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Signal chain basics: Boss, master and slave in audio clocks

Posted: 02 Mar 2012 ?? ?Print Version ?Bookmark and Share

Keywords:I2S? master clock? DAC? ADC?

When audio topics are discussed, there is a chance that I2S would be mentioned. It's a synchronous method of transferring stereo audio data from one point to another.

Most engineers believe that I2S has three different signals:
1. Data: as an input, or an output
2. Bitclock (BCK): the signal that establishes the boundary between adjacent bits in the data streams
3. Left/Right Clock (LRCK)/Wordclock: A slower clock, running at the sample rate, with a 50 percent duty cycle, which establishes the boundary between adjacent channels (left and right) in the data stream.

The unsung hero of I2S, and mostly ignored by digital signal processors (DSP) programmers and other processor junkies, is the master clock (MCK), which may also be called the system clock (SCK). The master clock (MCK/SCK), typically is a clock that is 64, 128, 256, 512 times the sample rate (FS). It can be provided directly through an input pin or it can be generated internally in some devices by a phase-locked loop (PLL).

Typically, DSPs don't require an audio master clock, as they can be processing data at a completely different rate, and dropping data into output buffers (or receiving data through input buffers) at a rate driven by the BCK and LRCK.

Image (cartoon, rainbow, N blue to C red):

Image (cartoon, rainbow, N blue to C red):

Once you step outside of your processor, the audio master clock becomes much more critical. Most audio converters with MCK/SCK inputs require the clocks to be synchronized, while some are allowed to be out-of-phase. This means that they really need to be sourced from the same high-speed clock, and simply divided down. Some customers I've talked with have the brainwave, "Hey, my ADC needs an MCK, but it's far away from my DAC. Therefore, I'll use local crystal next to each converter...." An understandable idea, but please: DON'T DO IT!

When you buy a crystal, you aren't guaranteed that it's exactly 48.000kHz. Your analog-to-digital converter (ADC) crystal could be running at +5 percent accuracy and the digital-to-analog converter (DAC) could be running at C5 percent accuracy. This could spell disaster for your design! Read on to understand why.

Figure 1: Generic ADC block diagram. (Click on image to enlarge)

Master clock in audio ADCs
As shown in figure 1, a high-speed master clock (e.g., 24.576MHz clock) is used to drive the oversampling modulator in an ADC. The data from the oversampling modulator is then decimated down into the sample rate given by the LRCK.

When an ADC is running in master mode (generating the BCK and LRCK as outputs), then the ADC simply divides the MCK/SCK to generate the LRCK and BCK signals. Voila! The LRCK/BCK and master clock are synchronized C and probably in phase (unless it's an unusual divider).

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